The Royal Academy of Engineering (RAEng) has today announced JCB’s electric digger (19C-1E) as the winner of the 2020 MacRobert Award, the most prestigious prize for UK engineering innovation. The winning team receive a £50,000 prize and a gold medal.
The 19C-1E excavator is the world’s first volume-produced fully electric digger and with it, JCB has shown it is possible to make powerful construction machinery without an internal combustion engine. To date, the current fleet has saved the equivalent of 15,100kg in CO2 emissions across 5,616 hours of work, but if used across the global construction sector, which contributes 39% of all carbon emissions, these savings could reach billions of tonnes.
JCB’s winning team are; Tim Burnhope FREng, Chief Innovation Officer, Bob Womersley, Director of Advanced Engineering, Lee Harper, Chief Engineer – Electrified Machines, Lee Milward, Design Manager, and Corey Smith, Test and Development Manager.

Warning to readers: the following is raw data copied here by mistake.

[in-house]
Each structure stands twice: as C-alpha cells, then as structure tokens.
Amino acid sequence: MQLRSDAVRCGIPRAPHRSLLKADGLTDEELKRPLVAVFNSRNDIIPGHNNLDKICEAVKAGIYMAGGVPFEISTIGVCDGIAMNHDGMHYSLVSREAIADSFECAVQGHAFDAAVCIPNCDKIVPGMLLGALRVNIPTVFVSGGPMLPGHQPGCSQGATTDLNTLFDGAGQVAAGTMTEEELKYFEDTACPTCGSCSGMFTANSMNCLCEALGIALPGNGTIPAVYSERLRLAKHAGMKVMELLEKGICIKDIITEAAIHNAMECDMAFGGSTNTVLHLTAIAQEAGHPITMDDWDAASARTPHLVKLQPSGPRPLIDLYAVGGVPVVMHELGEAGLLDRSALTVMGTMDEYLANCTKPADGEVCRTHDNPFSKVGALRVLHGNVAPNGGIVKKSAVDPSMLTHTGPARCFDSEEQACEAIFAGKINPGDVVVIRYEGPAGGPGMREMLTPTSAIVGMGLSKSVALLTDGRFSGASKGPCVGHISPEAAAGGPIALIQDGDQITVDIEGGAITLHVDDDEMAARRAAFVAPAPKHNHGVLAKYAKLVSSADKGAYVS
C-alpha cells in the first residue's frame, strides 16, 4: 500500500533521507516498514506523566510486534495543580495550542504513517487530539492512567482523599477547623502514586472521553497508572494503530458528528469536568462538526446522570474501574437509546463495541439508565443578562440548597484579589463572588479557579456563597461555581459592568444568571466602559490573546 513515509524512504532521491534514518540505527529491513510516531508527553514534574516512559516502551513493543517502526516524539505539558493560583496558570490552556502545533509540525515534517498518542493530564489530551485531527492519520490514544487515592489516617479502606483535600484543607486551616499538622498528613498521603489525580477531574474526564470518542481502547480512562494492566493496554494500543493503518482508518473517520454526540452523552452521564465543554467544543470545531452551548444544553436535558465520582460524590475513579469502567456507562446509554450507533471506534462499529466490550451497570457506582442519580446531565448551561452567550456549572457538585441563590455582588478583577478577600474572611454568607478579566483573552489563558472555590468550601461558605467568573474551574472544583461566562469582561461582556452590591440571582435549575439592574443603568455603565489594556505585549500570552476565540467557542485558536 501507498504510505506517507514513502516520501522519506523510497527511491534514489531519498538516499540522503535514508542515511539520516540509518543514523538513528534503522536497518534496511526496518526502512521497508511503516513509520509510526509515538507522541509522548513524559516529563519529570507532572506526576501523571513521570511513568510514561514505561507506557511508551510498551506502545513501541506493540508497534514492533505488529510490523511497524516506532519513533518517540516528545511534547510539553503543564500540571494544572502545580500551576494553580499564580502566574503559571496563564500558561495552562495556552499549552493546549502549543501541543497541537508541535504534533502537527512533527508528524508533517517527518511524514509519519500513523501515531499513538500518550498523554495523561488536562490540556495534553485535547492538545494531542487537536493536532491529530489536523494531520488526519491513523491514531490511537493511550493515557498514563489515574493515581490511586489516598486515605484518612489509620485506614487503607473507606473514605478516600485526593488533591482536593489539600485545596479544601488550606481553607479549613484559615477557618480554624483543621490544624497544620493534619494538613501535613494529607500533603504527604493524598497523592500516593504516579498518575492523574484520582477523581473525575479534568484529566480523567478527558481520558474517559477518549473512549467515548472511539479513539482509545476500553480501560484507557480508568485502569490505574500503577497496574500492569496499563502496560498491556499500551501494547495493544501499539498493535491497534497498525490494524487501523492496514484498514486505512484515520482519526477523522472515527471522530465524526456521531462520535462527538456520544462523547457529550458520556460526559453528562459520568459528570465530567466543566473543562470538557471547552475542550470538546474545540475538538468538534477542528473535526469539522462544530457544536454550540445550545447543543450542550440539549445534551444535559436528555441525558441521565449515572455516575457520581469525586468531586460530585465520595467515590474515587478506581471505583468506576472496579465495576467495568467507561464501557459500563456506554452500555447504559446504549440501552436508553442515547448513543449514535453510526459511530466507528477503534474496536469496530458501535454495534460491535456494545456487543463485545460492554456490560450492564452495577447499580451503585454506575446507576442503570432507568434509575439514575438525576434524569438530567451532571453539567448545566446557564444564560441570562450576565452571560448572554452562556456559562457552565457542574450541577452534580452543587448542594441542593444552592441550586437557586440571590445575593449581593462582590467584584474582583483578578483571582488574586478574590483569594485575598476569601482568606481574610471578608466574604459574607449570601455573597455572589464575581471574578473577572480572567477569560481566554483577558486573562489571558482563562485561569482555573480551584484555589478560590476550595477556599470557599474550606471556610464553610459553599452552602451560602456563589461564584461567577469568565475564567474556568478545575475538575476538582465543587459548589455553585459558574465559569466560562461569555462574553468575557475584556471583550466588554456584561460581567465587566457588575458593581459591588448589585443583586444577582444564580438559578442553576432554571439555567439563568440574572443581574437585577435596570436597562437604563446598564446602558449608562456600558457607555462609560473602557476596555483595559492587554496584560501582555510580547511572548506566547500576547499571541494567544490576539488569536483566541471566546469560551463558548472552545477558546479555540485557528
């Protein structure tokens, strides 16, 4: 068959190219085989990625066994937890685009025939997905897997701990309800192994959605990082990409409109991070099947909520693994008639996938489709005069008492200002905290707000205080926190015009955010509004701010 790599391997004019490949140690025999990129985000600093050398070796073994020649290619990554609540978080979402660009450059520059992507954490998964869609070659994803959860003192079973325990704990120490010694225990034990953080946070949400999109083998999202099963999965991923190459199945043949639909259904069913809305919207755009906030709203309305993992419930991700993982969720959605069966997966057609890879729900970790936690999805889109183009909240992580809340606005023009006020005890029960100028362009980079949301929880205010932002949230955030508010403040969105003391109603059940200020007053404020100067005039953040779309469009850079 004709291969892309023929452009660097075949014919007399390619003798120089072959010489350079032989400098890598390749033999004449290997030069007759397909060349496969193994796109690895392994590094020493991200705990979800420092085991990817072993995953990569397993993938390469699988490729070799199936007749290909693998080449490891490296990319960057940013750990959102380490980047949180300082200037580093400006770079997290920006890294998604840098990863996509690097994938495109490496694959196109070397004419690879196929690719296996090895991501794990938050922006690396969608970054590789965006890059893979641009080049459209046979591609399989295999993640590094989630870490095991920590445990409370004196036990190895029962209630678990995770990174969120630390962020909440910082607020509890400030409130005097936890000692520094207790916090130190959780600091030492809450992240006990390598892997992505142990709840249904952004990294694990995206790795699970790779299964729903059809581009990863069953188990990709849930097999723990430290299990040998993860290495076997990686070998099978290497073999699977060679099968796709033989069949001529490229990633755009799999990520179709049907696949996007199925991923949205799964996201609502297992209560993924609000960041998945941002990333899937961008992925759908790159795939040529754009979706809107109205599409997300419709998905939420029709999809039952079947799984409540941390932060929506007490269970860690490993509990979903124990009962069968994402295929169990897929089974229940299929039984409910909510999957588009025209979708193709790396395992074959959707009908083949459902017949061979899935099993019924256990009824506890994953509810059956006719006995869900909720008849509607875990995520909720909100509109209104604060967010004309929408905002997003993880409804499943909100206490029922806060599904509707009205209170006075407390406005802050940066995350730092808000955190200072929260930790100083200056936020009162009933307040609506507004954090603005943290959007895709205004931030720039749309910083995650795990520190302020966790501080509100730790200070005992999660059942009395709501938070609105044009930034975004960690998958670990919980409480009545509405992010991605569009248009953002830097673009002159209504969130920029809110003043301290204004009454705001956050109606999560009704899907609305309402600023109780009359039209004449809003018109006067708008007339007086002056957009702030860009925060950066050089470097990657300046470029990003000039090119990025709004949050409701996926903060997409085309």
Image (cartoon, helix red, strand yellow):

The announcement is especially timely following the Prime Minister’s commitment to putting building and construction at the centre of the government’s plan for the UK’s economic recovery.
As well as significantly reducing carbon emissions, the electric digger has zero exhaust emissions and very low noise levels. This combination makes it much better suited than traditional construction vehicles to operating inside buildings or in areas where noise must be kept to a minimum, for example near hospitals and schools.
JCB, the iconic British brand and world leader in the manufacture of construction and agricultural equipment, launched the digger in 2019 and has already sold hundreds of the machines.
The MacRobert Award judges lauded JCB for demonstrating the utility of electric machines in a construction setting and the potential for future innovation to boost sustainability in the sector.
The hope is that this entry could do for the construction sector what the double MacRobert Award winner Johnson Matthey did for the motor industry with the catalytic converter, which has stopped hundreds of millions of tonnes of pollution from entering the atmosphere.
MacRobert Award winners are chosen by an expert panel of Academy Fellows, who have vast experience across engineering industry and academia.
For further details and to see past winners of the MacRobert Award, please visit the RAEng website.